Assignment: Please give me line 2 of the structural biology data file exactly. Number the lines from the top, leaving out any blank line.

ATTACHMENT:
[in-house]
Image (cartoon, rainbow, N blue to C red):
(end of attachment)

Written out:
Image (cartoon, rainbow, N blue to C red):